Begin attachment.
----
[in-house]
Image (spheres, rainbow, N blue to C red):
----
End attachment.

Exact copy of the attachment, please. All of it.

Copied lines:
[in-house]
Image (spheres, rainbow, N blue to C red):